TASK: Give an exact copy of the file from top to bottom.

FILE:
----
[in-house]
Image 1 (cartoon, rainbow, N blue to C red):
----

[in-house]
Image 1 (cartoon, rainbow, N blue to C red):